22 Weeks Pregnant: Symptoms and Baby Development

What does my baby look like?

Your baby, or foetus, is around 27. 8cm long from head to toe and weighs about 430g. About the size of a papaya and the weight of five tangerines, respectively.

As the lungs grow, your unborn child will practice breathing while still inside of you. Your infant is currently taking in tiny amounts of amniotic fluid. Typically, this will remain in the bowels and then pass after delivery as meconium, a dark, sticky poop.

As your baby’s taste buds mature, your diet may have an impact on them. Try to eat a healthy diet that is rich in fresh fruit and vegetables.

How are you feeling? Its important that you prioritise your wellbeing (mentally as well as physically) during pregnancy. Tommys has lots of tips to help you relax. You can also create a pregnancy and post-birth wellbeing plan to help look after yourself and be prepared for when your baby arrives.

You dont have to tell your employer for several more weeks, but as soon as you do, you will have maternity rights. You can attend antenatal appointments during paid work time. You can also ask for a risk assessment of your work place. If you want to wait, then the latest you can leave it is 15 weeks before the baby is due, which is around week 25.

Its a good time to tone up your pelvic floor muscles. Gentle exercises can help to prevent leakage when you laugh, sneeze or cough. Get the muscles going by pretending that youre having a wee and then stopping midflow. Visit Tommys for more ideas about pelvic floor exercises.

Ask your midwife or doctor about online antenatal classes – they may be able to recommend one. The charity Tommys has lots of useful information on antenatal classes and preparing you for birth.

Even if youve had children before, theyre still worth going to as you can meet other parents-to-be. The NCT offers online antenatal classes with small groups of people that live locally to you.

To keep bones and muscles healthy, we need vitamin D. Most people produce enough vitamin D from sunlight on their skin between late March and early April and the end of September. However, because we cannot produce enough vitamin D from sunlight between late October and early March, you should think about taking a daily vitamin D supplement.

Find out if you need to take a vitamin D supplement year-round by visiting the NHS website. You only need 10 micrograms (this is true for both adults and children). Check if youre entitled to free vitamins.

While pregnant, 150 minutes of exercise is advised each week. You could begin by doing just 10 minutes of exercise each day; for example, go for a brisk walk outside. Check out Sport Englands #StayInWorkOut online exercises (scroll to the pregnancy section). Pay attention to your body and follow your gut instincts.

Theres no need to eat for 2. No additional calories are required until the third trimester, which begins in week 28. Eat as many fresh fruits and vegetables as you can and steer clear of processed, salty, and fatty foods. Through the Healthy Start program, you might be able to get free milk, fruit, and vegetables.

You should abide by the NHS and government recommendations on the coronavirus (COVID-19):

Check out the following advice to learn more about COVID-19 and pregnancy, childbirth, and breastfeeding:

Cramping At 22 Weeks Pregnant

2nd trimester pregnancy symptoms (at 22 weeks)

Pregnancy aches and pains are common, but it can be difficult to determine what is serious. Call NHS 111 or consult your midwife or physician if you have any worries. Call your midwife or GP right away if you are experiencing excruciating pain or bleeding from your vagina.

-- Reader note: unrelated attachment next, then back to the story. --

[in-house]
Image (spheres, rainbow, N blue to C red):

This week, your pregnancy symptoms could include:

You may also experience symptoms from earlier weeks, such as:

22 Weeks Pregnant: Things to Consider

  • Try some stress-relief methods. It’s normal to worry during pregnancy. However, it’s better for both you and your baby if you try to keep your stress levels under control. Of course, this is easier said than done, but strategies such as cutting back on how many hours you work, delegating tasks to others, exercising regularly, and speaking to someone you trust about your fears and anxieties could really help.
  • Sex during pregnancy is generally safe if you’re having a healthy and normal pregnancy, and when both you and your partner feel up for it. You won’t hurt your baby — the amniotic sac and the muscles of your uterus keep your baby protected. You may find that your sex drive ebbs and flows during pregnancy. Some moms-to-be report an increased desire for sex during this trimester, as their energy levels have now returned after the first stage of pregnancy. Seeing some spots of blood or having mild cramping after sex can be normal, but if you have heavy bleeding or persistent cramping, contact your healthcare provider. If you have pregnancy complications — for example, if you’re at an increased risk of preterm labor — your provider may recommend abstaining from sex during your pregnancy.
  • Keep looking for those baby names! If you’re struggling to find inspiration, check out our list of 1,000 baby boy names and our list of 1,000 baby girl names. If you have a few favorite names but you’re struggling to pick, consider throwing a baby naming party – perhaps your loved ones can help you make your mind up.
  • If you have other children, consider how you will let them know about the new arrival and think about how you would like to involve them in your pregnancy.
  • Start planning your baby’s nursery and think about what changes need to be made to the existing room to make it comfortable for your baby. If your baby will be sharing the space with your toddler, read our article on creating a room for two.
  • Is it normal to get sharp contraction pains during the night at 22 weeks pregnant?

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